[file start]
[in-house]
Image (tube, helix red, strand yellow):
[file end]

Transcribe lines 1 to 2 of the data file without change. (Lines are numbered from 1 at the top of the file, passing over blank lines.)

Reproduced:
[in-house]
Image (tube, helix red, strand yellow):